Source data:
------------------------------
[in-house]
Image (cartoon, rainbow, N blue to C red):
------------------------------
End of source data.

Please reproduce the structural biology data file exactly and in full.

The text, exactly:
[in-house]
Image (cartoon, rainbow, N blue to C red):